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Comment Re: drone ship landings require a lot less fuel? (Score 1) 101

I don't need to stand by the rotation theory. However, the 2.5 degrees that the Earth rotates are about equivalent to the downrange distance.

The first stage is going about 1/5 of the target LEO orbital velocity at separation. While you might well model the trajectory as a parabola over flat ground, given the lack of fuel I would expect that SpaceX puts a lot more care into their trajectory. So far I've failed to attract the attention of the person responsible for Flight Club, the most trusted modeling of SpaceX flights, but I'll message him directly.

Comment Re: drone ship landings require a lot less fuel? (Score 1) 101

Well, Alastair, you should probably not get snotty and ad-hominem, unless you want me to comment on how a one-time sci-fi author and the Unix guy at Dish doesn't really have more authority than the random person one might find in the SpaceX group on Reddit.

It happens there are a few people over there who are rocketry professionals, have the math, and have followed SpaceX long enough. So, sure, their opinion can indeed be trusted.

So far, we have a suggestion from one of the lesser folks there that raising the apogee takes advantage of the Earth's rotation. We'll see if we get the attention of the right people.

Comment Re: drone ship landings require a lot less fuel? (Score 1) 101

It seems to be a common misconception that orbital mechanics somehow knows when you are in orbit and does not work otherwise. But that is as silly as saying that relativity only works near light speed. These things always work regardless of speed, it's just that their effects are macroscopic at greater speeds.

Comment Re:The price hike is minimal... (Score 1) 450

I doubt more than 1% of Netflix customers has any idea what a VPN or proxy is - let alone how to set one up.

Also Netflix originals seem to be doing quite well. Daredevil and Orange is the New Black in particular see to be all the rave, and Marco Polo is one of the best shows on TV IMHO.

Realistically, there is always a breaking point of people. Piracy is easy. Any of the above shows that I want to watch I can still pirate pretty darn easily. The only way a company is going to get someone as a customer is that their pay service is easier than piracy and cheap enough to make the piracy too much hassle.

At $8/month Neflix was at that rate. At $10/month apparently some people start to decide it's not worth it. $2 isn't much but that's a 20% increase in service price. Personally I kept my Netflix subscription - but the price hike actually did trigger me to cancel Hulu as I didn't feel like paying for both as they inch up in price.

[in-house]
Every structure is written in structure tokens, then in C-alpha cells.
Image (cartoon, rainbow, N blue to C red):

Comment Re: drone ship landings require a lot less fuel? (Score 1) 101

Here's an illustration of the boost-back to RTLS trajectory. You can see that it very definitely goes up. And to prove from observation, you can actually see where the two trajectories separate in photos from yesterday's launch. It's a rather dim curl up, and another continuing East, in Jason Ruck's photo and John Kraus's photo.

At the speed of stage separation, they rocket isn't going fast enough to stay in orbit, but it is definitely in the regime where orbital mechanics has a macroscopic effect. If you think about it, this is going to be the case at some reasonable fraction of orbital velocity.

Comment The perspective of a 3D animation professional (Score 5, Interesting) 302

This is just like the way people whined that color film had ruined the medium, and the ones before them who whined about talkies and yearned for the days of silent films.

I started at the NYIT Computer Graphics Laboratory in 1981 and left Pixar in 2000. These days I produce or am on screen once in a while.

While I was at NYIT they weren't story oriented, and thus all you see of them is demos. Pixar, on the other hand, always put story first. We knew that we could not make a film stand up on effects alone.

Today, a good 3D animation house can make absolutely any scene they like. And thus there isn't anything special about doing so. It's there if it needs to be there to tell the story, and not otherwise.

Comment Re:Standard of living (Score 2, Interesting) 607

My high school had no auto shop, and does any school have an HVAC class...I seriously asking was that really ever a thing?